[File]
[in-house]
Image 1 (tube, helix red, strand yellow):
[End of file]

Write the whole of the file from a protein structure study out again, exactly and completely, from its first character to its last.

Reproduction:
[in-house]
Image 1 (tube, helix red, strand yellow):